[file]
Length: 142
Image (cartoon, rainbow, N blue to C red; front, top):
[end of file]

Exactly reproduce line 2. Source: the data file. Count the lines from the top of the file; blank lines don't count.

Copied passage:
Image (cartoon, rainbow, N blue to C red; front, top):